Making presentations is a task undertaken by most managers, yet relished by few. In this excerpt from the The Communications Portfolio, published by MCB University Press, Books, Courseware and Resources Division, the skills and techniques of making presentations effectively are outlined.
Research and experience have shown that job performance aids (JPAs) are a cost‐effective alternative or supplement to training. Based on job and task analysis information, they store essential details on performance in a variety of functional and durable forms for use just before or during task performance. Although most JPAs are in printed (hard copy) form, a series of illustrations or directions on an audio or video tape as well as information on a computer screen are also JPAs when they reduce the amount of information to be remembered, specify what actions to take, and indicate when to take each action. The five basic types of JPAs are procedural guide, worksheet, checklist, decision table and flowchart. Describes each type and provides preparation guidelines, along with examples. Also presents important information on layout and format, including the use of illustrations and how to provide emphasis, as well as on effective writing. A comprehensive four‐step quality control procedure describes how the effectiveness and value of JPAs can be confirmed.
MORE than 200 delegates and observers from sixteen countries attended the International Federation of Airline Pilots' Associations (I.F.A.L.P.A.) Symposium on all weather…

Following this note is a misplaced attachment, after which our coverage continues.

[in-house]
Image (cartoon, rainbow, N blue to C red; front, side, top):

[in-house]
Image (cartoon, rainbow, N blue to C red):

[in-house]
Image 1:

MORE than 200 delegates and observers from sixteen countries attended the International Federation of Airline Pilots' Associations (I.F.A.L.P.A.) Symposium on all weather landing, at the Hilton Hotel in Amsterdam from October 17 to 19, 1962. The Symposium, which was opened by Prince Bernhardt of the Netherlands, heard presentations from a considerable proportion of the equipment manufacturers in the automatic landing field, covering the current state of their system development and testing. More than half of the symposium was allotted to discussion and many of the pilots present expressed their opinions. The dominant theme of the discussion, naturally enough, was the proper place of the pilot in the all weather landing operation. This aspect of the operation is probably now the most contentious in the whole field and views expressed at this meeting might have been expected to be of great value to equipment and aircraft manufacturers. In fact, although much of interest was said, it cannot be recorded that there was a large measure of agreement between the pilots present.